Otherwise, you need to sit more to the front of your saddle in order to encourage your seat to swing and allow the horse to really carry you forward. Your shoulders really need to come back to open your chest and you should not have chicken wings for arms - elbows in! Physically place your elbows onto your hips - it will also help your shoulder posture. Beyond that you always need to be relaxing your forearms and wrists. Unkink your wrists, put your thumbs ontop and shorten your reins so that you aren't tempted to put back or tighten the elbows and restrict the horse infront. You need to be very light and quick in the contact - keep it alive and feeling - have an interesting conversation with his mouth.
    Training wise - I feel like your restrictions upfront are having some consequences. He is moving downhill, BTV, heavy in the hands and far too slow. As you are able to lighten your own contact, work to really get him pushing forward from his hind legs to actually cover some ground. His poll needs to be the highest point and your conversation is all about not letting him get hung up on the bit - you are bouncing energy back to the hindlegs with the contact.

    In the canter I'm betting you feel like he is running and you want him to go slower. Resist the urge to pull him up infront and sit up and ride at the speed he wants to go. As he is more balanced and learns to step under himself he will naturally come back to you. Grab mane if you have to and keep the contact soft and feeling without pulling back.

    Good luck! And like I say, there are no glaring errors - just details, and the devil is in the details.
         
        07-06-2010, 11:23 AM
      #8
    Foal
    I agree with anabel. Also, (though hard to tell from one pic) at the canter, he looks a bit strung out. My trainer tells me to imagine i'm on a ball and to use my leg to push it forward, while maintaining light contact on the mouth. That should make your canter rounder. In the jumping pictures you take a very long spot. Concentrate on riding all the way to the base of the jump. Nice trot on your horse, though. Nice horse, good riding overall.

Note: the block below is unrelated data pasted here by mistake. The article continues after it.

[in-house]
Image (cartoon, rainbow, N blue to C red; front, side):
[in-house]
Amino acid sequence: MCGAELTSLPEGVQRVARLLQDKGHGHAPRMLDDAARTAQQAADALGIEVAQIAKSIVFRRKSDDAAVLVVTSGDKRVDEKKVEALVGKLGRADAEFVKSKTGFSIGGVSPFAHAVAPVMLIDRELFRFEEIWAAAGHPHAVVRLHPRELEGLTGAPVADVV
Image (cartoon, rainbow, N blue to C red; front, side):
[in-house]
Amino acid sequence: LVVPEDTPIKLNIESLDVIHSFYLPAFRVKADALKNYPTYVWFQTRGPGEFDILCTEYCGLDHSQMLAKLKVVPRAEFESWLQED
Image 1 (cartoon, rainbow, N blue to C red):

07-06-2010, 11:34 AM
      #9
    Foal
    Your eq is lovely on the flat and o/f but there are a couple things that need tweaking.

    1. Thumbs on top! I have the same habit. XD
    2. When jumping, I'd suggest going 1-2 holes shorter on the stirrups.
    3. Look up! Your head is heavy and the horse can feel you looking down. :)

    Overall I really like how you both look. You have a nice straight back and a good seat. Keep up the good work!
         
        07-06-2010, 04:15 PM
      #10
    Foal
    Thanks for all the tips. I would love to go on a lunge line and have a lesson or just practice like that but my pony really wouldn't benefit from that, which is an issue. I feel like I do have some issue with the contact between his mouth and my hands so I'll try to relax more and push him forward. I'll also try putting my elbows in onto my hips, since I have been told before that my outside elbow flaps out in the canter. An annoying habit that is caused because he loves to drift out of his outside shoulder (especially on the left lead and in the canter). I know my elbow only makes it worse so I will try to be more conscious about it.